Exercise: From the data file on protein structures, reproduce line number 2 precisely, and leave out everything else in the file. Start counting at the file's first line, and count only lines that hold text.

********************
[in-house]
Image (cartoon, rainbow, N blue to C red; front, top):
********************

Image (cartoon, rainbow, N blue to C red; front, top):